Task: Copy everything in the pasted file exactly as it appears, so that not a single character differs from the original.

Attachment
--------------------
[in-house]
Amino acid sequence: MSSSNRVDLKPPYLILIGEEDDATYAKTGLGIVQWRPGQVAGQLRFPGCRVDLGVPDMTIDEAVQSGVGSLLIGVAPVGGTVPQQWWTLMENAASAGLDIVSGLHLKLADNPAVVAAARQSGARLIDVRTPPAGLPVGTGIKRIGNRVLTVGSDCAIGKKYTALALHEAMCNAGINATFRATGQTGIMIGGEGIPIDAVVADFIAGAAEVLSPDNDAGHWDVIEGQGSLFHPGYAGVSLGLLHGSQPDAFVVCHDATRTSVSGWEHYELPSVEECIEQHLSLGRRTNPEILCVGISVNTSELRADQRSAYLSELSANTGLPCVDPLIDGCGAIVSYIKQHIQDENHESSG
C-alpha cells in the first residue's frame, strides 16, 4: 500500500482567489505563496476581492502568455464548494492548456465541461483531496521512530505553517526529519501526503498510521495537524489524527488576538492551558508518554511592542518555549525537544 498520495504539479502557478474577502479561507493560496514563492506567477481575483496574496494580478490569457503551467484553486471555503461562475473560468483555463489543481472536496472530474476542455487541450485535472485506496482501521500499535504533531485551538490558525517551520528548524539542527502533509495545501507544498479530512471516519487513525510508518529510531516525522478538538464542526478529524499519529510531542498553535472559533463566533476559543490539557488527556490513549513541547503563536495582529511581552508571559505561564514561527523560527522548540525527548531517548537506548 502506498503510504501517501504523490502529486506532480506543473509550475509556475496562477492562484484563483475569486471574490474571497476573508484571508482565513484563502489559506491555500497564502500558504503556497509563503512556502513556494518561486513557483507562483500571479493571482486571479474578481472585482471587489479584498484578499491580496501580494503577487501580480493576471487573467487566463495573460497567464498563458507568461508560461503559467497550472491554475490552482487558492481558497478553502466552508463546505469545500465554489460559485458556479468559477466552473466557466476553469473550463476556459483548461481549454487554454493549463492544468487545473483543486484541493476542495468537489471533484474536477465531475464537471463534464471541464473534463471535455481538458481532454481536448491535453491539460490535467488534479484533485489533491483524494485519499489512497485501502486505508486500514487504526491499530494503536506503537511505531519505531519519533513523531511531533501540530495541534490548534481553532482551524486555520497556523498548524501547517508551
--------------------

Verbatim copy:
[in-house]
Amino acid sequence: MSSSNRVDLKPPYLILIGEEDDATYAKTGLGIVQWRPGQVAGQLRFPGCRVDLGVPDMTIDEAVQSGVGSLLIGVAPVGGTVPQQWWTLMENAASAGLDIVSGLHLKLADNPAVVAAARQSGARLIDVRTPPAGLPVGTGIKRIGNRVLTVGSDCAIGKKYTALALHEAMCNAGINATFRATGQTGIMIGGEGIPIDAVVADFIAGAAEVLSPDNDAGHWDVIEGQGSLFHPGYAGVSLGLLHGSQPDAFVVCHDATRTSVSGWEHYELPSVEECIEQHLSLGRRTNPEILCVGISVNTSELRADQRSAYLSELSANTGLPCVDPLIDGCGAIVSYIKQHIQDENHESSG
C-alpha cells in the first residue's frame, strides 16, 4: 500500500482567489505563496476581492502568455464548494492548456465541461483531496521512530505553517526529519501526503498510521495537524489524527488576538492551558508518554511592542518555549525537544 498520495504539479502557478474577502479561507493560496514563492506567477481575483496574496494580478490569457503551467484553486471555503461562475473560468483555463489543481472536496472530474476542455487541450485535472485506496482501521500499535504533531485551538490558525517551520528548524539542527502533509495545501507544498479530512471516519487513525510508518529510531516525522478538538464542526478529524499519529510531542498553535472559533463566533476559543490539557488527556490513549513541547503563536495582529511581552508571559505561564514561527523560527522548540525527548531517548537506548 502506498503510504501517501504523490502529486506532480506543473509550475509556475496562477492562484484563483475569486471574490474571497476573508484571508482565513484563502489559506491555500497564502500558504503556497509563503512556502513556494518561486513557483507562483500571479493571482486571479474578481472585482471587489479584498484578499491580496501580494503577487501580480493576471487573467487566463495573460497567464498563458507568461508560461503559467497550472491554475490552482487558492481558497478553502466552508463546505469545500465554489460559485458556479468559477466552473466557466476553469473550463476556459483548461481549454487554454493549463492544468487545473483543486484541493476542495468537489471533484474536477465531475464537471463534464471541464473534463471535455481538458481532454481536448491535453491539460490535467488534479484533485489533491483524494485519499489512497485501502486505508486500514487504526491499530494503536506503537511505531519505531519519533513523531511531533501540530495541534490548534481553532482551524486555520497556523498548524501547517508551